Singh given ceremonial reception
Singh is expected to discuss terrorism, regional development and ways to step up India's assistance to Afghanistan on his second visit to the country since 2005.
Singh was received by foreign minister Zalmay Rassoul and defence minister Abdul Rahim Wardak and other senior officials at the Kabul International Airport.
National Security Advisor Shivshankar Menon, foreign secretary Nirupama Rao and Prime Minister's special envoy to Afghanistan Satinder Lamba and other senior officials are accompanying the Indian leader.
Afghan police, the army and the Air Force awarded a warn reception to Singh in the grand presidential palace.
"Welcome to your second home," President Hamid Karzai said while receiving Manmohan Singh, who responded by assuring Karzai that India will stand with the country in ''thick and thin''.
"This is a tremendous honour for the Afghan people to welcome His Excellency Dr Manmohan Singh, Prime Minister of India, to second home Afghanistan," said Karzai, welcoming Singh.
The Prime Minister, in turn, described India and Afghanistan as 'partners in progress'.
"It is always a great honour and privilege to visit you. That you have invited me to visit is an honour to entire people of India.
"India and Afghanistan are partners in progress and we will stand by you through thick and thin, and we reaffirm our solidarity with the people and government of Afghanistan," he told the Afghan president.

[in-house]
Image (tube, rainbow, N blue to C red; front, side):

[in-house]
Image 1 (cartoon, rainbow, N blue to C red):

Karzai also hosted a banquet in honour of the Prime Minister.
Singh is the first foreign head of government for whom the late king Zahir Shah's home has been thrown open.
Singh will hold bilateral talks with Karzai and will also discuss terrorism, regional development and ways to step up India's assistance to the war-torn country.
Ahead of his visit, Singh had emphasised that his discussions with President Karzai will cover regional developments and the fight against terrorism. The visit will also deliver “tangible” results with India to discuss ways to advance its developmental partnership with Afghanistan to a new level in the coming years.
Indiais Afghanistan's biggest regional aid donor and sixth largest overall. It has pledged $1.3 billion of projects, from building a parliament to a highway to Iran to establish what officials in New Delhi like to term "soft power".
Pakistanderides those attempts to secure influence in what it considers its neighbourhood, but Islamabad has been concerned by a succession of governments in Kabul that it sees as too cosy with New Delhi
There are indications that India will step-up its assistance for various developmental projects which already cover almost two-third of the provinces in Afghanistan. While India is carrying out various developmental projects in Afghanistan, security still remains a big concern for Indian interests and other establishments.
Washington has said the killing of bin Laden will not affect its mission in Afghanistan, India is worried it may lead to speedier pullout of US troops, leaving it exposed to an unfriendly, Pakistan-dominated neighbourhood and unfettered militancy in its backyard.
The Taliban, who once sheltered bin laden inside Afghanistan, have rejected any peace talks with the Afghan government until all foreign troops have left the country.
India's embassy in Kabul was hit by two bomb attacks in 2008 and 2009, killing 75 people and wounding hundreds.
Download “Pajhwok” mobile App, on your smartphone to read and access latest news, features, interviews, videos and photos about Afghanistan.